The humid forest zone of Cameroon is part of the biodiversity rich Congo Basin. Until the mid-1990s, the forests of Cameroon were centrally managed, which excluded communities from accessing forest resources and gaining economic benefits from them. In the early 1990s, more participative forest management practices emerged. The new forestry legislation of 1994 focusing on the devolution of management responsibilities to local communities has reinforced this participatory trend. In 2003, the Center for International Forestry Research (CIFOR) and its partners started the Model Forest Project in Cameroon. This project is part of the International Model Forest Network (IMFN). The goal of the IMFN is the sustainable management of forests around the world, while taking into account the needs of local communities. This paper describes the process that led the Cameroonian Government to the recognition, in 2005, of Campo-Maan and Dja et Mpomo as Model Forest sites. It gives a description of the sites, the partnerships involved, stakeholders perspectives, the accomplishments to date and future perspectives. It concludes that, while the project provides a framework for reflection, innovation and collective learning, it is as yet too early to demonstrate concrete progress or results.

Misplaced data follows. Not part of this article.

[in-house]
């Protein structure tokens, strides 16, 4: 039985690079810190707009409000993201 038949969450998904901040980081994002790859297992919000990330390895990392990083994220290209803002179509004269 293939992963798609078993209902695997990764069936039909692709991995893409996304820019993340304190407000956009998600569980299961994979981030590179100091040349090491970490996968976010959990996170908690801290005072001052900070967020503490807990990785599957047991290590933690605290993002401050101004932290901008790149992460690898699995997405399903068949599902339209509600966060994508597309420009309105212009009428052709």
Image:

Topic: forests,forest management,partnerships,community involvement,sustainability,International Model Forest Network (IMFN)
Geographic: Cameroon,Central Africa
Publication Year: 2007
Source: International Journal of Environmental Studies 64(5): 625-641